Friday, December 19, 2008

We agreed to meet at Moderna Museet, Emi and I. She brought her youngest, and then she tricked me, the minx. I was supposed to treat her for lunch, but she snuck ahead in line and paid before I could stop her.

“I’m a Swedish woman, I can’t let you pay,” she explained.

Once we’d actually settled down, and the baby was chewing on bread and I had gotten my salad, we got down to business. Which was just really jabbering away. It’s been way too long, I told her. She agreed.

It used to be so odd, to meet people in the flesh after reading what they write. But now it’s par for the course. Although few quite live up to their writing the way Emi does - she's just as sexy, funny and charming as you would imagine. But what else can you expect from a blogging celebrity? She’s the bee’s knees, Emi is.

The Swedish phrase for the day is Brev till Marc Jacobs. It means Letters to Marc Jacobs.

- by Francis S.

Wednesday, December 10, 2008

The goal was preserved lemons – the Moroccan kind, salty and sour and full of flavor – and the only place I know to get them is at the lamb stall at Hötorgshallen market. The young adult author is visiting from London, so tomorrow it will be turkey breast with capers and sultanas and pine nuts and preserved lemons.

When I reached Hötorget – the Haymarket – the Stockholm Concert Hall, which sits on one side of the square, was jammed with cars and men in tails and women in evening gowns and Japanese paparazzi, all higgledy piggledy in the rain.

Ah, the Nobel Prizes. How could I forget? The time of the year when physicists and chemists and economists are treated like rockstars. I didn’t even mind them getting in the way as I ran to catch the market before it closed.

But when I got down to the stall, they had no preserved lemons, dammit. Will it taste the same with regular lemons?

The Swedish word for the day is besvärlig. It means annoying.

- by Francis S.

Wednesday, December 03, 2008

When the sun struggles to stay above the horizon, and it’s dark when you rise, and dark when you walk to work, and it never really gets much lighter than dusk, it takes all my energy to not spend all my non-working hours at home, curled up with a book and a fire burning in the fireplace. But I force myself to take a walk each lunchtime: through the downtown park Kungsträdgården, then up Skeppsholmen past Grand Hotel and the National Museum on one side, the ferries out to the archipelago on the other. At noon, a light shines in every window, and the hotel is garlanded in green, and strings of lights hang on the ferries.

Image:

As I rounded the boat slips at the back of Moderna Museet, and made my way up toward the tiny island of Kastellholmen, I looked across the water at Gröna Lund, Stockholm’s venerable little amusement park. Long closed for the winter, I was surprised to see a single car on the roller coaster, whizzing around, and then stopping as if to tie its shoe. It looked so lonely up there, under all those banks of clouds pressing down on the city.

I continued on my way, and then when I was on the hill of Kastellholmen, looking again at the roller coaster, I saw the car had been joined by a second one. They looked as if they were playing together. Somehow, it was suddenly comforting instead of dismaying, watching the empty cars in the empty park, in the grey of deep midwinter.

And then I went on my way.

The Swedish word for the day is tröst. It means solace.

- by Francis S.